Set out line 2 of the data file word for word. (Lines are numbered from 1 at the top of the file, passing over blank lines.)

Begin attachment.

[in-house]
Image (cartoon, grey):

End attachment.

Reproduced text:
Image (cartoon, grey):